The pattern demonstrates a way to map a complete inheritance hierarchy to a single database table.
How do you map an inheritance hierarchy of classes to database tables?
The forces relevant here, besides the General Forces are:
Polymorphic read and space consumption versus write/update performance: In an inheritance hierarchy you need to support queries for all Party objects matching some given criteria. The result set is polymorphic, In our example it might contain Employees, FreelanceEmployees or SalariedEmployees. Solutions that best support polymorphic queries are those who either waste disk space or are expensive in terms of write performance.
Locking schemes of your database: Some databases implement page level locking only or might be programmed to escalate locks very early. In this case you have to take care that database traffic on a single table does not exceed a limit that results in excess locks and poor performance. If you map to many classes to a single table, it is likely that you attract much traffic.
Depth of the inheritance hierarchy: Some solutions that work acceptable with flat inheritance hierarchies become ugly with very deep inheritance hierarchies.
Maintenance effort: Mapping solutions that clutter a single objects data across several tables might be fast for polymorphic reading. The drawback is, they are very hard to maintain in case new object attributes are added or existing object attributes are deleted. Schema evolution needs to take into account that data are replicated across the physical data model. This may easily turn into a maintenance nightmare. Other maintenance cases are insertion or deletion of a class in an inheritance hierarchy.
User-defined queries: If you want to give your user the opportunity to form her own queries you need to assure that table mappings are still understandable from a users perspective.
Use the union of all attributes of all objects in the inheritance hierarchy as the columns of a single database table. Use Null values to fill the unused fields in each record.
table design for our running example looks as follows.
Write and update performance: Using One Inheritance Tree One Table allows reading and writing of any BaseClass descendant with a single database operation.
Polymorphic read performance: As all BaseClass descendants can be found in a single table, polymorphic reading is straightforward. The only challenge is to construct the correct object type for a selected database record. There are plenty of patterns for this task like Abstract Interface [Col96 ].
Space consumption: As you see from in the mapping depicted above, storing the objects attributes requires more space than absolutely necessary. The waste of space depends on the depth of the inheritance hierarchy. The deeper the hierarchy and the bigger the difference between the union of all attributes and the attributes of an average object, the bigger the waste of space.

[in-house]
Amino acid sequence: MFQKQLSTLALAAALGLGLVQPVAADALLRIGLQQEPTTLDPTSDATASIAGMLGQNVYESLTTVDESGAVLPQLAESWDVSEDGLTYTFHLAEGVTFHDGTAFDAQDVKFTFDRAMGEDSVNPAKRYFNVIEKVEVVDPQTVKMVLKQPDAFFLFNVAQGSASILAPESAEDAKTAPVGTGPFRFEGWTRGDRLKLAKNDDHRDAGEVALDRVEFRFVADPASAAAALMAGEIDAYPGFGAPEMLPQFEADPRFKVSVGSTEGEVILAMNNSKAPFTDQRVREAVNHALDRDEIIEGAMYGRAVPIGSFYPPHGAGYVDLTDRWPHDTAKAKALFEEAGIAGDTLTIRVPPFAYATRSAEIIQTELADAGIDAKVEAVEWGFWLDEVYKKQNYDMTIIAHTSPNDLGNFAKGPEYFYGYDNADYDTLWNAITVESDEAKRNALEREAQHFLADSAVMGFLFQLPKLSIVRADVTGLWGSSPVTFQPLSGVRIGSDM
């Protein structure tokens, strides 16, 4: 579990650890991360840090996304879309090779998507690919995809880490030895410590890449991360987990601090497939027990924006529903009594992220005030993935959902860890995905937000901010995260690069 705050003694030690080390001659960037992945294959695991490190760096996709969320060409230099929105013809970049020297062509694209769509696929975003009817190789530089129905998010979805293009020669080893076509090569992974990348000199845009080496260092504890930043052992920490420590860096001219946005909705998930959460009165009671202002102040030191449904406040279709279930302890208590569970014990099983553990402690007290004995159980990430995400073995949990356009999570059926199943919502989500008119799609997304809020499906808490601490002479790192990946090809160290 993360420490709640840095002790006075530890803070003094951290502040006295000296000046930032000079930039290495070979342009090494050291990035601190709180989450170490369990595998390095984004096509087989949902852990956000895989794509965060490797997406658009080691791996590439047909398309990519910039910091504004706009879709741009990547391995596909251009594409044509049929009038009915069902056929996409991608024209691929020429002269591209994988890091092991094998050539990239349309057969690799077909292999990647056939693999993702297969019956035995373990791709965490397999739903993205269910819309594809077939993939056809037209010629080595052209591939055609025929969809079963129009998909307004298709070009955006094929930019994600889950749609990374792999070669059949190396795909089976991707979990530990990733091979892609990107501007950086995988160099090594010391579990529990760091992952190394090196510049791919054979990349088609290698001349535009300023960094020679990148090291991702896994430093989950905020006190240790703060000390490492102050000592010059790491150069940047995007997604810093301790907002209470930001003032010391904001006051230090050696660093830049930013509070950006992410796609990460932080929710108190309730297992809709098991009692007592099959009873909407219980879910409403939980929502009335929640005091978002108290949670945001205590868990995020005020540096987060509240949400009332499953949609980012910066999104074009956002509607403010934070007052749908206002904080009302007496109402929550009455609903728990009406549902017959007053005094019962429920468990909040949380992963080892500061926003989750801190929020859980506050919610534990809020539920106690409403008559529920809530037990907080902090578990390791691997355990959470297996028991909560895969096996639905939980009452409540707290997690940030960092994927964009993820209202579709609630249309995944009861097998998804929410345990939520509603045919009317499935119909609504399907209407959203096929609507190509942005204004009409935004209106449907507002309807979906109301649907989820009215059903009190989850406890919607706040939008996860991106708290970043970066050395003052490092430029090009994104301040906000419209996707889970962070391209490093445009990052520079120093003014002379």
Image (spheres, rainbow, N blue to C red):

Balancing database load across tables: Mapping too many classes to a single table may cause poor performance. The sources of such problems can be found in database behavio
If your database uses page level locking, too much traffic on a single table may severely slow down the access. Parts of the effect may be compensated by clever clustering. If traffic on a single table gets too heavy, expect performance degradation and also deadlocks
Too many locks on a single table may result in lock escalation. The number of locks that cause lock escalation is typically a parameter of relational database systems.
Some classes need secondary database indexes to speed up search. If you implement many classes in a single database table, you add up indexes on that table. Too many indexes on a single table cause updates to become very slow as all the indexes have to be updated.
Maintenance cost: As the mapping is straightforward and easy, schema evolution is also comparably straightforward and easy as long as the inheritance hierarchy does not become too deep.
Ad-hoc queries: As the mapping is intuitively clear, formulating ad-hoc queries is fairly easy.
Consider mapping all objects to a single table: You may also use the mapping to store all object types in a single table - resulting in heavy traffic on the table. For small applications this is a feasible and very flexible approach.
Waste of space: You might check, whether your relational database allows packing of NULL values. In this case the above mapping becomes more attractive as you avoid waste of space for NULL values.
Type identification: You need to insert type information into your table. You could compute the type information from the NULL values. This is not too convenient as Synthetic Object Identities should contain type information anyway. Hence it is better to use a straight Synthetic Object Identity that contains type information.
See also Representing Inheritance in a Relational Database [Bro+96] or see the same thing as Single Inheritance Table from Martin Fowler